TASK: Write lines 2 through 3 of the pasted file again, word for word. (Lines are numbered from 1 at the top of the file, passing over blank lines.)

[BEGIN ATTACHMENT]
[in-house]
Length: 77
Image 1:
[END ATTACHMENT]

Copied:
Length: 77
Image 1: